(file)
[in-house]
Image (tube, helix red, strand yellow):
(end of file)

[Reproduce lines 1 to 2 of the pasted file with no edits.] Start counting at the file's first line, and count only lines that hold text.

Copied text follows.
[in-house]
Image (tube, helix red, strand yellow):